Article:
Racial differences in demographics, acute complications, and outcomes in patients with subarachnoid hemorrhage: A large patient series

David Rosen, Roberta Novakovic, Fernando D. Goldenberg, Dezheng Huo, Maria E. Baldwin, Jeffrey I. Frank, Axel J. Rosengart, R. Loch Macdonald

Research output: Contribution to journalArticlepeer-review

21 Scopus citations


Object. Few studies have focused on the impact of racial differences in demographics, clinical characteristics, acute complications, and outcomes of patients with aneurysmal subarachnoid hemorrhage (SAH). The purpose of this study was to examine this issue. Methods. The authors evaluated prospectively collected data on 1711 adult patients with aneurysmal SAH who were entered into two randomized, double-blind, placebo-controlled trials conducted at neurosurgical centers in North America between 1991 and 1997. Admission characteristics, treatment modalities, in-hospital complications, and 3-month outcomes assessed by application of the Glasgow Outcome Scale were compared using the chi-square test, a t-test, the Wilcoxon rank-sum test, and multiple logistic regressions based on a significance level of 0.05 in 241 African-American, 1342 Caucasian, and 128 other racial minority patients. Caucasian patients were significantly older than patients of other races (p < 0.0001). African-American patients more frequently had a history of hypertension (p < 0.0001) and an elevated blood pressure at the time of admission (p < 0.0001). African-Americans and other racial minorities were more likely to have internal carotid artery aneurysms and Caucasians were more likely to have posterior circulation aneurysms (p = 0.0002). Rates of in-hospital complications were not significantly different except that pulmonary edema occurred more commonly in Caucasians (p = 0.036). After an adjustment was made for significant admission characteristics, the 3-month outcome was not significantly different among the races. Conclusions. Race was not found to be a prognostic factor for outcome after aneurysmal SAH. The higher SAH mortality rate previously observed in African-American patients is likely a result of a higher incidence of SAH in this group. These findings highlight the importance of primary prevention programs aimed at modifying risk factors for SAH.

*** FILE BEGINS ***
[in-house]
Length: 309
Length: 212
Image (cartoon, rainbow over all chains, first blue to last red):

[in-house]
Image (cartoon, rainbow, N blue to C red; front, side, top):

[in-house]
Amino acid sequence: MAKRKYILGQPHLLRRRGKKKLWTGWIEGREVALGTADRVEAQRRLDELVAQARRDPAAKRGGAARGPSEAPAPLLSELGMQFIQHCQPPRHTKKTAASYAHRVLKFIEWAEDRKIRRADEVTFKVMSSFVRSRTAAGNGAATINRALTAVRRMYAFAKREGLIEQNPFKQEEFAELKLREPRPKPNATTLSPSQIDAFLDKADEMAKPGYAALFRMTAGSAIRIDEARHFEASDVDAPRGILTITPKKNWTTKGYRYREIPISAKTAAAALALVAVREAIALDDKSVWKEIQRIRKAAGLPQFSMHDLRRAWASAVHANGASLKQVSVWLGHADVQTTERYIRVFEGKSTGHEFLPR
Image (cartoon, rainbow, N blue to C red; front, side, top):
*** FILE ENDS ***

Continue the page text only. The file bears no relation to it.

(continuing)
Original languageEnglish (US)
Pages (from-to)18-24
Number of pages7
JournalJournal of neurosurgery
Issue number1
StatePublished - Jul 2005


  • Cerebral infarction
  • Cerebral ischemia
  • Race
  • Subarachnoid hemorrhage
  • Vasospasm

ASJC Scopus subject areas

  • Surgery
  • Clinical Neurology


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